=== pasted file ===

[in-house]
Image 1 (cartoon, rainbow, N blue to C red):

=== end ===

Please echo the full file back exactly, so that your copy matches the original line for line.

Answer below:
[in-house]
Image 1 (cartoon, rainbow, N blue to C red):